Phenomenal fishing, unscathed wilderness and pristine water make Lightning Creek on the Idaho Panhandle National Forest more than a place worth exploring. It’s a place worth protecting. Tucked into the Cabinet Mountains of the Northern Rockies, Idaho’s Lightning Creek easily lives up to its namesake. Wild flooding and dramatic summer thunderstorms wreak havoc on the Lightning Creek watershed and the surrounding area year after year.
The creek collects water from the sharp peaks of the glacially sculpted Cabinet Mountains, said to be one of the wildest mountain ranges left in the lower 48. Receiving an average of 90 inches of precipitation a year, Lightning Creek is the wettest area in Idaho. Due to the steep slope and amount of snow and rain, legendary floods have plagued the watershed and National Forest, not to mention the small town of Clark Fork.
In 2006, devastating flooding severely damaged access and use of popular trails as well as wildlife habitat and the overall health of the watershed. Seeing the need for a restoration effort, the National Forest Foundation (NFF) has designated the Lightning Creek watershed a Treasured Landscape restoration site.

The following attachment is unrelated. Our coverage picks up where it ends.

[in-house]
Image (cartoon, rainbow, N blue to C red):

Together with local partners and the Forest Service, we will restore whitebark pine - an important food for grizzly bears and Clark's nutcracker -- and reduce sedimentation and blockages in the creek to enable passage of fish and other aquatic organisms. As part of this effort, we are providing neutral facilitation for the Panhandle Forest Collaborative to build local capacity for long-term stewardship and community engagement in the National Forest.
|Click on the icon to the right to download a PDF of the Treasured Landscapes project area on the Idaho Panhandle National Forest.|